The Little Cherry Pond Trail begins 4 mile northeast of Waumbek Junction on the west side of Cherry Pond. This woodland path with 600 feet of bog bridges (use care – the boards are slippery when wet) takes you through a regenerating lowland spruce – fir forest. The area was logged in 1952- 1953 and was acquired by the US Fish and Wildlife Service in 2000. Now, the stand is comprised of both snags and live aspen, paper birch, red maple, balsam fir and some large red and black spruce (Picea rubens and mariana) trees. Plants on the forest floor include partridgeberry (Mitchella repens), Canada mayflower (Maianthemum canadense), pink lady’s slipper (Cypripedium acaule), painted trillium (Trillium undulatum), wakerobin (Trillium erectum), goldthread (Coptis trifolia), and many types of moss, including the curious looking stairstep moss (Hylocomium splendens). The forest is perfect habitat for snowshoe hare, which browses on the shrubby vegetation (look for patches of their orange urine on the snow in winter). A chorus of birds such as golden crowned kinglets and black burnian and parula warblers can be heard here in May and June.

Arrive at a junction and follow the path to the left (marked with an arrow). Twinflower (Linnaea borealis) can be seen along this trail. Be sure to look for a very short spur trail “loop” through the middle of several glacial erratic boulders to the right of the main trail.

Go straight ahead at the second trail junction. After crossing a stream on a small bridge, larch (Larix laricina) becomes abundant and creeping snowberry ( Gaultheria hispidula) and peat mosses (the genus Sphagnum) carpet the ground. This is a small zone of black spruce – larch swamp. The boardwalk then curves left through leatherleaf, bog rosemary (Andromeda polifolia), sheep laurel (Kalmia angustifolia), and rhodora. The bright pink rhodora blooms are especially spectacular here in May.

The boardwalk ends at a viewing platform on an abandoned beaver lodge by the edge of Little Cherry Pond. There is 2-3 person bench here. Nice views of Garfield Ridge and the Franconia Range appear over the lowland spruce – fir forest on the far side of the pond. This could make a perfect sunset spot, as long as you bring flashlights! The water level is fairly constant in this pond (maximum depth 3 ft). Near it’s edge, deep emergent marsh – aquatic bed and, in somewhat deeper water, an aquatic bed community, support yellow pondlily (Nuphar variegata), pickerelweed, bladderworts (Utricularia sp.), and pondweeds (Potamogeton sp.).

Leather-leaf – sheep laurel dwarf shrub bog and leather-leaf – black spruce bog, together comprise an exemplary poor level fen I bog system, occur around the shore of Little Cherry Pond. These two natural communities are similar, but the first type has no black spruce, whereas the second type has black spruce and larch in a sparse tree cover. The black spruce bog appears in a zone near the upland while the dwarf shrub bog is near the edge of open water on a quaking mat of loose peat moss. Several notable plants here include northern blue flag (Iris versicolor), swamp milkweed (Asclepias incarnata), sundews (Drosera sp.), cranberries (Vaccinium sp.), and pitcherplants (Sarracenia purpurea).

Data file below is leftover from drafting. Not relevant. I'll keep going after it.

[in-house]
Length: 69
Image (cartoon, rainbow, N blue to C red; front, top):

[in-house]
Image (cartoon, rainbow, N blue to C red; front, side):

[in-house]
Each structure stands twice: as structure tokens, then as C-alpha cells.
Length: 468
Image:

Little Cherry Pond is another hotspot for birding. White pine trees on the west side of the pond support a great blue heron colony. You may spy an osprey sitting on a snag. Palm warblers, black-backed woodpeckers, spruce grouse, and marsh wrens nest here. Boreal chickadees and gray jays are sometimes seen. It is one of the southernmost points for nesting ring-necked ducks. Wood ducks, hooded mergansers, and American black duck may all be seen. Other animals you might see here include moose, black bear, otter, beavers, coyotes, dragonflies, and butterflies.

Heading back towards Cherry Pond, take the other leg of the trail by going left at the junction. Pitcherplants appear in the black spruce flats that you will soon cross on bog bridges. Much “primitive” flora abounds including Sphagnum moss, lichens, and liverworts. A little further on, the low-growing trailing arbutus (Epigaea repens) blooms from April to May. Other frequent groundcover in this area includes partridgeberry, dewdrop (Rubus dalibarda), and snowberry. Note porcupine-girdling on some of the larch trunks here.

Soon you cross more bog bridges and arrive back at the first trail junction. You have now closed the Little Cherry Pond loop. Continue straight ahead and follow the trail back to the railroad tracks at Cherry Pond. Cross the railroad tracks and continue for 100 feet until you come to the Rampart Path (described below).

Before returning, hike left on the Rampart Path, a short out and back trail along the north shore of Cherry Pond. Along the way there are several spectacular views of the pond and the mountains beyond. The spongy peat mat is mostly grounded, but its outer edge floats in the open water. The mat itself is composed primarily of Sphagnum moss, but other plants present include leatherleaf, rhodora, Labrador tea, alder, and black spruce. Landward, it grades into a swampy forest of mostly larch, with some black spruce, over a bed of wintergreen (Gaultheria procumbens).